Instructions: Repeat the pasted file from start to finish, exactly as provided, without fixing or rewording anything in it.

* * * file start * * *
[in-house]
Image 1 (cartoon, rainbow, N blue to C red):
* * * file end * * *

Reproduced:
[in-house]
Image 1 (cartoon, rainbow, N blue to C red):